Below the keep there is a small four-sided bailey , enclosed on the west by the late medieval curtain walls and on the south and east by a large L-shaped building that is the result of different structures added on in very different times . On its west side this building avails itself of the preexisting curtain wall and its cilindrical flanking tower . The inner organization would make one think that originally this large building were used as military barracks , which is precisely what some planimetric drawings of the site dating to the XVIII century state . Perhaps it was in these premises that the castle garrison lived , garrison mentioned in a 1431 document and constituted by 25 men between crossbow archers and buckler bearers .
According to local tradition the lower levels of this building were occupied by the prisons ; and here there still are well preserved “necessaries” , primitive toilets . The structure has evident traces of the last century , especially on the higher floors , when it was used for private housing and schools .
A flagged ramp and a portal , built around the middle of the XVIII century , connect this large building to yet another bailey . On the north side of this there is a chapel , that was altered probably in the eighteenth century ; on its western side the bailey is flanked by a long two storey building , which together with the keep is one of the most ancient structures of the castle and now houses the Stele Statue Museum . The windows and doors opening onto the bailey have been altered and redone and towards the chapel on the first floor there is a walled up gothic arch .
The portal would seem to date to the XIV-XV century . From the castle’s main entrance one can reach this building through a hall , and from it one can access the bailey directly passing along a vaulted corridor . This last is decorated with effective masonry .
The bailey , that has a sandstone well , is enclosed on the south and east by a curtain wall with walkways that has been altered in the eighteenth century . The base of the curtain wall with its stone skirt was built with a particular technique not dissimilar to that used in the building of the keep . This structure too could have had been built by Piccinino , even though on the eastern side there is an addition , probably dating to the XVIII century , comprising a defensive hoarding with a guard-room .
In the XVII and XVIII centuries the castle’s defences were reorganized so as to be able to resist attacks coming from all directions . As in the case of most complex fortified buildings , the fortress was divided into defensive units that , as was quite common , had saint’ names . Eighteen century planimetries mention the “ Opera di San Giuseppe “ to the north , near the keep , whereas the southeastern corner is defended by the “Bastione di San Cosimo “; on the western side there is the “ Opera di San Giovanni Battista “.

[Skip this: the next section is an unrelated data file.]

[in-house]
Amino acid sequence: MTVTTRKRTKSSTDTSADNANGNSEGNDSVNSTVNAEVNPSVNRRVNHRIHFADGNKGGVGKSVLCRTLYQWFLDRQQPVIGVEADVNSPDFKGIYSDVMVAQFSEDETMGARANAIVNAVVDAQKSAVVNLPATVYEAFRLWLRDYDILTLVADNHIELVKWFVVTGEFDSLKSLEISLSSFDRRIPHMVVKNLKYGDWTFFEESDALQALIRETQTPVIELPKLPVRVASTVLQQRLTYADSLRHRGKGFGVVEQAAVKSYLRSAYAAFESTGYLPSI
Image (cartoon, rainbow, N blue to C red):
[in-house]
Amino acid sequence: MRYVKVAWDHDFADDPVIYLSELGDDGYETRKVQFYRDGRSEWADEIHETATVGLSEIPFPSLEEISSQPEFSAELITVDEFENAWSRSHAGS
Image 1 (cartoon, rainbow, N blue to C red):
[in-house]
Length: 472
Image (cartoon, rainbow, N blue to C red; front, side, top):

The castle that still watches over the town gives an overall impression of greyness : the colour of the stones and the “piagne” , stone flags used to cover the timber roofs and that according to local tradition gave the castle the name of Piagnaro . So far no one has researched the origin of this toponym , but we know that the fortress was recorded in the Annali Ghibellini Piacentini of 1262 as “planele” and in the 1329 entry of the Annali Parmensi as “ fortilitia que dicitur Pianorium” . According to the historian Manfredo Giuliani the origin of the toponym is related to the type of rock used to make the flags covering the roof .
The history of the structure of the castle is obviously intertwined with military events involving it in the course of the centuries , an almost continuous demolishing and rebuilding ; specific research into the matter will perhaps aid our knowledge of the changes the building has undergone in time
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Castelli di Lunigiana, Pontremoli, 1927,pp. 5-8.
Cesena A., Relatione dell'origine et successi delle terra di Varese descritta dal r.p. Antonio Cesena l'anno 1558, in "Studi e Documenti di Lunigiana", VI, Accademia lunigianese di Scienze Giovanni Cappellini, La Spezia, 1982.
Principe I., Fortificazioni e città nella Toscana lorenese, Vibo Valenzia, 1988, p. 67.
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Zucchi Castellini N., Il Castello del Piagnaro a Pontremoli, in "Archivio Storico per le Province Parmensi" quarta serie, vol. XXVIII (1975).
Zucchi Castellini N., Castelli ed armi le Difese Attive e Passive dell'Antico Borgo, in Donini R., …Pontremoli oggi…, Roma, 1991, pp.153-160.
Estratto da 'N. Gallo - Guida storico-architettonica dei castelli della Lunigiana toscana - Istituto Valorizzazione Castelli, Prato 2002.